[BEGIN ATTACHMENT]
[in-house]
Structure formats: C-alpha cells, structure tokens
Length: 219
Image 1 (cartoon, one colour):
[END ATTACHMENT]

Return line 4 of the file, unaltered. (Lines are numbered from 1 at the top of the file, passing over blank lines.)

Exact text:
Image 1 (cartoon, one colour):